After, we did the coca leaf reading. This is where Shaman Nikolas sits across from you, Jamicca beside you, and he lays one coca leaf down on a mat and holds a group of them in his hands. The coca leaf he lays in front of me is supposed to represent me. Both me and him blow on the other group of coca he holds in his hands. From what I gathered in this unfamiliar practice is for each aspect of life he throws the chunk of leaves down three times until the grouping has all left his hands. The order of which they fall determines your life’s patterns. They aspects of life are:

1. Family

2. Health

3. Spirituality

4. Love

5. Work



So what happened with mine? Wouldn’t ya know it, mine read “good” pretty much through all of it. You see, the way it works is that when he throws the leaves down and they gather in clumps or in a straight line, then its “good.” If one or two fall outside the mat, then its not so good. If one or more leaves is flipped over, then that is cause of tension.

- Health: health all fell in a line for my life, so that is “good.” Health while traveling had a few separate leaves, so I guess I need to watch my back. I was thinking that my health is probably diminished because at this point, I hadn’teaten hardly anything the last 48 hours.

- Love: love is good in the present, content. (This is true, I am pretty satisfied in that realm.) However, I will not find my one true partner until much later from now. I am okay with this though. Viva la youth.

- Work: You guessed it! …All good it the hood. In one year’s time, work will apparently mean very much to me.

- Family: Leaves fell very close together on this one, meaning family is close. No surprise there.

- Spiritual: All fell in line except for one. We interpreted it as a little fix that needs to happen in listening and trusting myself in what my body wants and needs



After the coca leaf reading, we had a yoga instructor come and lead a practice outside on the terrace. It overlooked all of the lush mountains. This is the most beautiful place on Earth. She ended the practice explaining the Yin and Yang of the world, masculinity and femininity, and how we can identify with each. Because Mother Aya can help us balance of the two sides for us. We all went around and discussed how we identified with each side.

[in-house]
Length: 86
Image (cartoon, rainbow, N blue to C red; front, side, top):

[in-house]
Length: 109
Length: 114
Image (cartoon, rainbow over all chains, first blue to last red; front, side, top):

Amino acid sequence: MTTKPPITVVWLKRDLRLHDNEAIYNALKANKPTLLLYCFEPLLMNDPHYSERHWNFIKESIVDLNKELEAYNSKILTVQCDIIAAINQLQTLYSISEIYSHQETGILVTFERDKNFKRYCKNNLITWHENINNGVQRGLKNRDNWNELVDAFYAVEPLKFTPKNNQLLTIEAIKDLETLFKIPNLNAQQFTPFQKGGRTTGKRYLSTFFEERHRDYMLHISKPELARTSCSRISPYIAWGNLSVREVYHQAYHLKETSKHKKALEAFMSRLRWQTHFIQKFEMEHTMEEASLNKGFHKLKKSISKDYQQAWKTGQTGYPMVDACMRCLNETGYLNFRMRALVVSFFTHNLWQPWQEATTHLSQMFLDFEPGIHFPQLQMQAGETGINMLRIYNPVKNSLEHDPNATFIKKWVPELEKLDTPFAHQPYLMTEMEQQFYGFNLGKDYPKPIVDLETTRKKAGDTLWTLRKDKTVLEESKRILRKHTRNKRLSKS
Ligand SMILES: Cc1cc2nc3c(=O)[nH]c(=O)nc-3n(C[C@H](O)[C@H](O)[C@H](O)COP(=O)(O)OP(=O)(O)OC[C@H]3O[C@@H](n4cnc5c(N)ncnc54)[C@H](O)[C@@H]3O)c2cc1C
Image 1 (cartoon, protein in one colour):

One observation I made was that all the women in the group had similar answers. Throughout our lives we have pushed away the feminine side because of western society and the feeling towards “womanly” ideologies. Even the English language is to view anything feminine as weak and as a negative. Feminine qualities such as empathy, sympathy, unconditional love, maternal instincts I’ve realized that it is these attributes that will lead me to becoming a better version of myself.



Jamicca gave us some time to reflect and meditate afterwards. So here I am, sitting on a swing chair, made from Alpaca, staring at the most majestic green and purple mountains in the distance in deep reflection. I took a walk around the property too. Once you come though the barricading white cares, there are three houses.



To the left is a white one story house with bay windows draping around the outer walls. Behind it is three rooms stacked on top of each other, all connected through a white spiral staircase. These are the sleeping quarters.



To the right is a small two story house, painted bright orange. This is where the staff live. There are two gardens and a cobblestone walkway with wildflowers lining each side connecting the buildings.





Straight Center is the ceremonial hut. It looks like what you would see in National Geographic. A circular structure, more like an octagon with a roof made of straw. Inside are beautiful hardwood floors, pillows, blankets, and the walls are lined with tapestries. Anywhere you look beyond the resort is a picture-perfect view of mountains cascading as far as the eyes can see. On some mountains hold other small orange villages, tucked away in peace and quiet. Well not too quiet, the songs of the birds are lovely.

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Tot: 0.096s; Tpl: 0.022s; cc: 12; qc: 49; dbt: 0.0204s; 1; m:saturn w:www (104.131.125.221); sld: 1; ; mem: 1.4mb